When the actuating member causes the contacts to be closed, the contact spring arms provide a bias force tending to open the contacts. However, a latch member is utilized to hold the actuating member in the closed contact position.

The latch member is a flexible leg that may either be located on the housing, adapted to engage a corresponding latch section on the actuating member, or it may be mounted on the actuating member to engage a corresponding latch portion on the housing.

Upon detection of a current imbalance by a differential transformer, a solenoid is energized. The solenoid has a plunger that engages the flexible latch leg to move it to the unlatched position. When the actuating member is thus unlatched, the bias force of the contact spring arm opens the contacts.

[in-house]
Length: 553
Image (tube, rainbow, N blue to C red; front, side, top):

In order to reset the device, a reset button is located on the actuating member. The reset button is located in a recessed portion of the housing between the projecting prongs, so that the device must be unplugged from the electrical receptacle before the reset button can be actuated. Depression of the reset button, when the solenoid is no longer energized, moves the contacts to the closed position, where the latching leg will maintain the actuating member until the solenoid is again energized.

These and other objects, advantages and features of this invention will hereinafter appear, and for purposes of illustration, but not of limitation, an exemplary embodiment of the subject invention is shown in the appended drawing.

BRIEF DESCRIPTION OF THE DRAWING

FIG. 1 is a side elevational view of the encapsulated circuit interrupter device of the present invention, partially broken away to illustrate the internal components.